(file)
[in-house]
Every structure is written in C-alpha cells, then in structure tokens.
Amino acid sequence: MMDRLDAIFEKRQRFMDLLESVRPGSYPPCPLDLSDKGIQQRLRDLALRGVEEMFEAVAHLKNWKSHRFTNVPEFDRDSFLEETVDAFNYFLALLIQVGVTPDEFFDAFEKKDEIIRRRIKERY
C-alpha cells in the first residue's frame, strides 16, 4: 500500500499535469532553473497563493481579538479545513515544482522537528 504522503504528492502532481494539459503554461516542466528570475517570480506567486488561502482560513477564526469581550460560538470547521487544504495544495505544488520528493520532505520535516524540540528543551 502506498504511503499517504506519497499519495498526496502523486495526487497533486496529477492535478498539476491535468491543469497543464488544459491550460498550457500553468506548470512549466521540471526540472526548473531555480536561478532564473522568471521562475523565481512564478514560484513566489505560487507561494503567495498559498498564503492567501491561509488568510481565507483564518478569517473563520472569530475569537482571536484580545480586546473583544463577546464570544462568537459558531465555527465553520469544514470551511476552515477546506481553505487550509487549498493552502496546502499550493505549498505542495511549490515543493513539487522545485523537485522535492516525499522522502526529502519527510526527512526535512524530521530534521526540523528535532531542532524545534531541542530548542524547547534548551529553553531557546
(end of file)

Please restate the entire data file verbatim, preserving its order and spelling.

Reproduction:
[in-house]
Every structure is written in C-alpha cells, then in structure tokens.
Amino acid sequence: MMDRLDAIFEKRQRFMDLLESVRPGSYPPCPLDLSDKGIQQRLRDLALRGVEEMFEAVAHLKNWKSHRFTNVPEFDRDSFLEETVDAFNYFLALLIQVGVTPDEFFDAFEKKDEIIRRRIKERY
C-alpha cells in the first residue's frame, strides 16, 4: 500500500499535469532553473497563493481579538479545513515544482522537528 504522503504528492502532481494539459503554461516542466528570475517570480506567486488561502482560513477564526469581550460560538470547521487544504495544495505544488520528493520532505520535516524540540528543551 502506498504511503499517504506519497499519495498526496502523486495526487497533486496529477492535478498539476491535468491543469497543464488544459491550460498550457500553468506548470512549466521540471526540472526548473531555480536561478532564473522568471521562475523565481512564478514560484513566489505560487507561494503567495498559498498564503492567501491561509488568510481565507483564518478569517473563520472569530475569537482571536484580545480586546473583544463577546464570544462568537459558531465555527465553520469544514470551511476552515477546506481553505487550509487549498493552502496546502499550493505549498505542495511549490515543493513539487522545485523537485522535492516525499522522502526529502519527510526527512526535512524530521530534521526540523528535532531542532524545534531541542530548542524547547534548551529553553531557546